Short Passing: Inside Arch Push Pass

Tactical Point – When & Where

Soccer Coaching - Short Passing Technique
Watch the world’s best national side Spain, or the best club side Barcelona, and one thing is clear: effective short passing technique is well worth instilling in our young players.

One of the key players in both of these teams is midfielder Andres Iniesta. He described the mantra repeated constantly at Barcelona’s cantera: “Receive, pass, offer, receive, pass, offer. This was the only thing the coaches would shout.”

The principle is one practiced by every player in every position on the field. This gives their teams complete assurance on the ball (giving individuals confidence) lets them dominate possession (and therefore field position and chances on goal) and overwhelms their opponents (making them chase and tiring them easily).

Whilst the top players have used this skill so often it has become instinctive, we can coach our young players the best technique to use. Then we can give them ample opportunities to try it out; every session should require players to make and receive short push passes.

Technique – Coaching Points

Soccer Coaching Technique - Short Passing Inside of Foot

  • Plant your non-kicking foot alongside the ball. Point your knee and toes towards your target – this will correctly align your body.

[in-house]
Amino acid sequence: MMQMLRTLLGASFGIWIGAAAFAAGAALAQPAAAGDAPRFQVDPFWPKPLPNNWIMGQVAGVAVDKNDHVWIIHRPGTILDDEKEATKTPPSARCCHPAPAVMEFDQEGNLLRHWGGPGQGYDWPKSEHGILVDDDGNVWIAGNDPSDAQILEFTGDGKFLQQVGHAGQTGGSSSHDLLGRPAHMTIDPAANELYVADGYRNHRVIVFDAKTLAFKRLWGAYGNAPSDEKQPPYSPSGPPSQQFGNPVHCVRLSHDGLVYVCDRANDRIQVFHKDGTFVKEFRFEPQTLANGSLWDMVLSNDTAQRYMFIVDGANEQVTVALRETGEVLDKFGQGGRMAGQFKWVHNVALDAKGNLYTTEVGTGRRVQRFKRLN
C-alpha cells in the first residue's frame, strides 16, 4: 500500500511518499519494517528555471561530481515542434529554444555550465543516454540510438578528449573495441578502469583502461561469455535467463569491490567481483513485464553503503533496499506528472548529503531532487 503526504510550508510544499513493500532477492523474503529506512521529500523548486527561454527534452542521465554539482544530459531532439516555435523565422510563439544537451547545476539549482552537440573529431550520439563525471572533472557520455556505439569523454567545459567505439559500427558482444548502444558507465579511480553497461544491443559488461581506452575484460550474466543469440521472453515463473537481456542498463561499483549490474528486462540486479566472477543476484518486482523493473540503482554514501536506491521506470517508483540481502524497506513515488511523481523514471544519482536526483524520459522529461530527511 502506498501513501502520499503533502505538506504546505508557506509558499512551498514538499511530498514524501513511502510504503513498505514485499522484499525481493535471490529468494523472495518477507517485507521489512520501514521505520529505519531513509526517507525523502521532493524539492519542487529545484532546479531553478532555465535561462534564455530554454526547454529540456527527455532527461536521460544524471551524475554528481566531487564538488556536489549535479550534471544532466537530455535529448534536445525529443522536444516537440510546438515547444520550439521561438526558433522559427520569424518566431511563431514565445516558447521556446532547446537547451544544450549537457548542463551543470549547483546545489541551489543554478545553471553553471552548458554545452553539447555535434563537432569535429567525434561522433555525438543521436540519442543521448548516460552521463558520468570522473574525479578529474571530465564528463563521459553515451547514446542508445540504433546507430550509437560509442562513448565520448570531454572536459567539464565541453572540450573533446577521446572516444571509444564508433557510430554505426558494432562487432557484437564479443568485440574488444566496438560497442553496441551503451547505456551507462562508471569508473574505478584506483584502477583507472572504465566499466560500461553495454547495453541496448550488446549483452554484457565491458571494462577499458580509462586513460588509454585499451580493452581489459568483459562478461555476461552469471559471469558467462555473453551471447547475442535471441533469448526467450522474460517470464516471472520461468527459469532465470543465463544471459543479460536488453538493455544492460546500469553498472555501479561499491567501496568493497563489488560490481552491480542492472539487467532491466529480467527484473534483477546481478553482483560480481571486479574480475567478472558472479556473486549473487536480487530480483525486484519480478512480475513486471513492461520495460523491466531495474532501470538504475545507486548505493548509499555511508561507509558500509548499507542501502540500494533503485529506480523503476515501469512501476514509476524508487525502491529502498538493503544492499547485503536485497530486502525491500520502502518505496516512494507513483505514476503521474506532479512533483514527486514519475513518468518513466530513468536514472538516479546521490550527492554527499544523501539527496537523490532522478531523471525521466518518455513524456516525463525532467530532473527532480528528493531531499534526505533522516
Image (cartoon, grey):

• Pull the kicking leg through a small backswing. Turn your knee away from your body.
  • Keep your head steady with your eyes looking down at the point of contact on the ball.
  • Push ball with your inside arch, kicking through the horizontal midline – this ensures a straight pass.
  • Follow-through with your kicking leg – the stronger the movement, the more powerful the pass will be.
  • Move into supporting position.

Further Advice

Top players will look to disguise their pass. They can do this through misdirection with the head, hands or voice (or all three).

Just as important as direction is the weight of the pass. Does the receiving player want to run onto a rolling ball into space? Or would a pass be better played short for the receiver to move towards? Is the passing lane wide enough for a measured ball or does the ball need zipping in with pace?

The final point is crucial – encourage players to instinctively move after they play a pass. Into space ahead is usually best, but supporting from behind might be the right option if it means retaining possession.

Your Thoughts

Have you learned anything from this article you can apply to your sessions? Is there anything I’ve missed or which you’d like to add for the benefit of the other coaches who read this?

Let me know by leaving a comment below, or you can visit the contact page to send me an email. I love to hear your thoughts!

  • johnny
    i understnad the receive and pass parts but what does it mean to offer...

    to help out...
    to call for the ball.....

    i dont understand what offer means in this case..
  • Hi Johnny,

    In the Barcelona mantra "offer" means get into space or a position to receive the ball and progress the attack, and then call or indicate (with hands, eye contact, bodyshape) that you want the ball back.

    When an entire team shares this mentality the passer always has multiple options and even the toughest defences can be pulled around the pitch and opened up.
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